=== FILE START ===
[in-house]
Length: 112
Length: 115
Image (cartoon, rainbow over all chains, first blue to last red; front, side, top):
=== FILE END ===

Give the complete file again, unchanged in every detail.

[in-house]
Length: 112
Length: 115
Image (cartoon, rainbow over all chains, first blue to last red; front, side, top):